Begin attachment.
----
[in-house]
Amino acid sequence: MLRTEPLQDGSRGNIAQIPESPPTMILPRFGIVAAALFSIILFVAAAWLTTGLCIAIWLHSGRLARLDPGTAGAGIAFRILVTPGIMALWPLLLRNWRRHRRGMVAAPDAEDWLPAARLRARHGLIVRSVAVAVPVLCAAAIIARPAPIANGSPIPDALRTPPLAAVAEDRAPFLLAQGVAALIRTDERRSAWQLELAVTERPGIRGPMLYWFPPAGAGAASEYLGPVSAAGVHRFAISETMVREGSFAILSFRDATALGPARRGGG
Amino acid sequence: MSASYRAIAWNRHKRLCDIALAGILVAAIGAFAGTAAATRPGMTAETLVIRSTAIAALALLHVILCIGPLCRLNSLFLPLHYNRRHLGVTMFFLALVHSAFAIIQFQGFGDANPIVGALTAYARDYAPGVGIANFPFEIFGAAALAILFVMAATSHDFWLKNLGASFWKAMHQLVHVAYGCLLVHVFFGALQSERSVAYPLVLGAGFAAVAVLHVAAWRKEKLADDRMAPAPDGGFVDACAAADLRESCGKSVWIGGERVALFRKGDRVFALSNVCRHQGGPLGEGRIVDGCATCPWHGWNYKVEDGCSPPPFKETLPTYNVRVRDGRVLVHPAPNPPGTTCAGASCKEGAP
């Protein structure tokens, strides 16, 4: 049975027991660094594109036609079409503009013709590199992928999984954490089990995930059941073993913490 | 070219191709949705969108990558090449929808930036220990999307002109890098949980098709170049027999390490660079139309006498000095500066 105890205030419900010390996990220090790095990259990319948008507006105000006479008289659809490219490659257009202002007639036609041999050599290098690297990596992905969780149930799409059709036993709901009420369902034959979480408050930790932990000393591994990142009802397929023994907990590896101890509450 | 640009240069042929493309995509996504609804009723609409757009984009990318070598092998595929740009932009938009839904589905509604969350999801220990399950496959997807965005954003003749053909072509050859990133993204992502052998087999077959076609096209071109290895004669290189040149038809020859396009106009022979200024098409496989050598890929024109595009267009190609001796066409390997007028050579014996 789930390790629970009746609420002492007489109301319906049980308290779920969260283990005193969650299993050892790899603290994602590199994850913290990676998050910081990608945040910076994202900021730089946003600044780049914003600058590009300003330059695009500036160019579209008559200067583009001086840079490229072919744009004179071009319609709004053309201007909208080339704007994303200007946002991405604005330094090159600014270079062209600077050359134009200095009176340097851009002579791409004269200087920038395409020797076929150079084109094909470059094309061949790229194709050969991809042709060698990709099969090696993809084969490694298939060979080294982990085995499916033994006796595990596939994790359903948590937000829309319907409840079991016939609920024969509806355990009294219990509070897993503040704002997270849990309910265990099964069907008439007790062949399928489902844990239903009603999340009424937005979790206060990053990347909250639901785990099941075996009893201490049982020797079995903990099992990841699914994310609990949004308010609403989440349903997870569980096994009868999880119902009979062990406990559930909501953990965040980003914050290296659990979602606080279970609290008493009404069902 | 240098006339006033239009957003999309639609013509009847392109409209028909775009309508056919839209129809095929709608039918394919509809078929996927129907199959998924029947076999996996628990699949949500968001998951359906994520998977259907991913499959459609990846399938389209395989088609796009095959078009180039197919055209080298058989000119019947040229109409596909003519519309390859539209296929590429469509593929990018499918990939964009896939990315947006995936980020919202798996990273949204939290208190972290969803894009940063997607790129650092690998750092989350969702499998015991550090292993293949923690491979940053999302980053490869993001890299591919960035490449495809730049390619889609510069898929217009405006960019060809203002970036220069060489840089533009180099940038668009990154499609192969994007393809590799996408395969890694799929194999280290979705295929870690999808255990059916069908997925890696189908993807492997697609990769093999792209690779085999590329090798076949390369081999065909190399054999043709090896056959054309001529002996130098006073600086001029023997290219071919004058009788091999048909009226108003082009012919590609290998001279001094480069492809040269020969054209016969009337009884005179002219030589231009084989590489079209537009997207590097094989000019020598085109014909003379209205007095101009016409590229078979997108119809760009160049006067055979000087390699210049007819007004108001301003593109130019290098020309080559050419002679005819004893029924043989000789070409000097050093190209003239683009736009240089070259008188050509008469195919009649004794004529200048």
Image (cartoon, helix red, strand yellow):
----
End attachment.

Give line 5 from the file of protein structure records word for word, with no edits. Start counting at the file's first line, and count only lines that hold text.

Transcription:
Image (cartoon, helix red, strand yellow):